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Assessment of circular economy in Vietnamese plastic industry using ReSOLVE framework

Published onJun 21, 2023
Assessment of circular economy in Vietnamese plastic industry using ReSOLVE framework
Thanh-Khiet L. Bui1,*, Thi Yen Ta2, Kieu Lan Phuong Nguyen3, Hong Quan Nguyen1,4
1Institute for Circular Economy Development, Vietnam National University-Ho Chi Minh City, Ho Chi Minh City, Vietnam;
2Faculty of Environmental, Hanoi University of Natural Resources and Environment, Hanoi, Vietnam;
3Faculty of Environmental and Food Engineering, Nguyen Tat Thanh University, Ho Chi Minh City, Vietnam;
4Center of Water Management and Climate Change, Institute for Environment and Resources, Vietnam National University-Ho Chi Minh City, Ho Chi Minh City, Vietnam
*E-mail: [email protected]

Extended abstract

Plastics have been produced industrially since the second half of the 19th century, and there has been a rapid increase in both their types and quantities (Atlas, 2019). In addition, there has been a tremendous improvement in the manufacturing and performance characteristics of plastics, including their rheological, mechanical, thermal, structural, morphological, and optical qualities. Various plastic additives, including stabilizers, colorants, plasticizers, fillers and reinforcing fibers, UV absorbers, antioxidants, and handling aids like lubricants and flow promoters, are used to achieve this enhancement. The expansion of this industry has prompted mill manufacturers to enter it and create related processing methods, like extrusion and injection molding (Tadmor and Gogos, 2006). The simultaneous development of plasticizers and processing facilities has made a significant contribution to technical advancements in industries including construction, electronics, electricity, transportation, and construction. Additionally, this progress makes it possible to lower the price of the goods and services offered by these sectors and expand the social groups to which they are available.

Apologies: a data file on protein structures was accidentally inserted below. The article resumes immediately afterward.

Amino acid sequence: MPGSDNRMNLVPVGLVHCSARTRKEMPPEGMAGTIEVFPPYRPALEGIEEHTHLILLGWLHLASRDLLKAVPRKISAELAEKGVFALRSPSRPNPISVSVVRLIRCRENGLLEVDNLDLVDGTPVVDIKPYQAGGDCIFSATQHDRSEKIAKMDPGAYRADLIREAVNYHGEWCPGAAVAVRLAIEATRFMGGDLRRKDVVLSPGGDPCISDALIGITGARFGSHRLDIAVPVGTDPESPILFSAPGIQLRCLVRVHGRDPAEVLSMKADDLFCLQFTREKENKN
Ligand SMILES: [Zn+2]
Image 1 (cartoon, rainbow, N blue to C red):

In addition, up until recent decades, the growth of the plastics sector was represented by the so-called "Linear Economic Model," which put a heavy emphasis on the lifespan of plastic items. The "take, make, and throw away" idea serves as the foundation for this paradigm (Ghosh, 2020). The linear economic model principally focuses on two assumptions: first, that the accessible fossil resources are unbounded; and second, that it is unnecessary and undesirable to recover plastic products after their useful lives. The plastics business is currently focusing on increasing the effectiveness, quality, and design of plastic items to better suit consumer demand. The linear economic model excludes waste management from its scope. As a result, a substantial volume of mismanaged plastic waste has been discharged directly into the environment (Atlas, 2019; Ocean Conservancy, 2019). Additionally, plastic products' intricate designs make them challenging to disassemble or dismantle, which contributes to the rising losses from recycling loops. Plastic and plastic additives that are released into the environment are both hazardous to living organisms (Hermabessiere et al., 2017; Schmidt et al., 2020). The circular economy model was introduced in the plastics industry recently as a result of rising environmental awareness on a societal and regulatory level. This concept suggests recycling plastic waste generated after it served its purposes efficiently and effectively (Ghosh, 2020).